Write About a Day Moon: Creating Prompts for Writing Practice

For months now, every other week when it’s my turn to lead our Thursday Writers writing practice group, I open a copy of The Lively Muse Daily Appointment Calendar for Writers to find a prompt for us to write to. But when my co-facilitator Steve Montgomery told me one of our fellow practitioners suggested members of the group might like to offer up some prompts, too, I was inspired to create some new prompts of my own.

Creating good writing prompts (by good I mean a prompt that is compelling and evocative, an image or phrase that sets up a kind of buzzy excitement to put pen to page) has always been fun or me. I can’t even imagine how many I’ve created over the twenty-five years I’ve been leading writing practice groups, not to mention those that are in the books I’ve written about writing and writing practice.

As Steve and I were talking about what makes a good prompt, I remembered that I had written on this topic in Writing Alone, Writing Together. I pulled that well-worn book off my shelf to refresh my memory. Here are a few excerpts:

“… Prompts created for writing practice don’t give explicit direction. They are not intended to help the writer learn some particular skill or work in a certain area. Instead, based on the idea that what each person wants to write about will emerge organically as the writing occurs, the prompts are general and wide open with the unadorned invitation to ‘write about…’ and without additional directives such as ‘describe’ or ‘create’ or ‘remember’ or ‘imagine.’

“Writing prompts can be in the form of a simple word (mosaic, moonflower, iridescent, potpourri) or the suggestion to ‘Write about…’ (someone who left, a river, falling), a line from a poem (‘A year after your death…’ Czeslaw Milosz), or from a book (‘She learned to tell time with her skin,’ from Prodigal Summer by Barbara Kingsolver.). Anything that causes some slight hum of response as you read it can be the origin of a prompt.

…”The ingredients for a good prompt are much like the ingredients of a fine meal. When they are placed before us, we let go an involuntary ‘ummmmmm’ and we feel a delightful urge to pick up the pen and dive in.”

There are many more ideas about where and how to find and create good prompts in the book (p. 103-106)—opening the dictionary to a word, any word, and going from there; always having a notebook beside you when you read so you can record the perfect prompt when it appears; lyrics from a song, directions from a cookbook (“The mixture should be highly seasoned”). The real world is also a source for writing prompts—eavesdropping as we writers are wont to do, signs, graffiti, notes on a luncheon menu —and on and on.

So writing practitioners, keep your notebook with you, keep your senses alert to any kind of stimulation that sets the fingers itching, and create your own ongoing list of writing prompts. I copy mine to little strips of paper and put them in a cigar box. That way each prompt I pull will have a spontaneity that reading them from a list won’t have, a spontaneity that will transfer to the writing itself.

Not long ago I received an email from a writer who said that she wrote one of the best scenes she’d ever written from the prompt, “write about a hot wind.” What about you? What’s your favorite or most evocative prompt?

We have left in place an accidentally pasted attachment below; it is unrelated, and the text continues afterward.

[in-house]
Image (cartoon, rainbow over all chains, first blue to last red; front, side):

Returning To Old Habits

I’m house/kitty-sitting for a friend at her small studio in Santa Fe. Outside the sky is a blue I don’t have a name for and the cottonwoods along the Santa Fe River glow golden yellow. I came here after two weeks in Greece, a journey with my daughter, daughter-in-law, and our friend, to celebrate my birthday and for me to return to some of the places I’m writing about in my memoir. My time in Santa Fe is also a writing retreat and a time of solitude.

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I’m watching the pumpkin fatten in the neighbor’s garden across the alley, I’m watching the spider’s web expand in the corner of my kitchen window, I’m watching as the tiny buds on the African violet on my writing table swell, then open, then shout “I’m here,” to the morning sun.

Day-by-day, at my kitchen table in the square between two windows, I open my notebook and write. I’m halfway through notebook #8 now in the notebook draft of my memoir, which I started on June 16, 2016. I have the ending, but I don’t have the beginning yet. I have over 125,000 words, far too many for any kind of finished manuscript.

But I’m only on the notebook draft. After this, I’ll do my first edit as I work from the handwritten notebooks, transferring some, but not all, of the scribbled pages into Scrivener and I’ll write new ones, too. This will become my first manuscript draft and then, day-by-day, draft #1, #2, #7, ad infinitum. Who knows how long until I can say “The End.”

All I know if this: the pumpkin will fatten and fatten until it is ready to be someone’s jack-o-lantern, the spider web may trap a creature or two before Carolina uses her cleaning brush to knock it off the screen, the African violet on my writing table will lose its blooms, and pause and wait, and then create new ones.

Day-by-day, the pumpkin, the spider, the violet, and I will do what we do every morning. Day-by-day is what matters.